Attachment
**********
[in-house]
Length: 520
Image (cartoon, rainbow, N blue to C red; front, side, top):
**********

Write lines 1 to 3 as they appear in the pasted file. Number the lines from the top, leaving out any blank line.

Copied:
[in-house]
Length: 520
Image (cartoon, rainbow, N blue to C red; front, side, top):